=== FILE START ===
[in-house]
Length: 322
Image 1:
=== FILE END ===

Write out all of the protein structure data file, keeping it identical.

[in-house]
Length: 322
Image 1: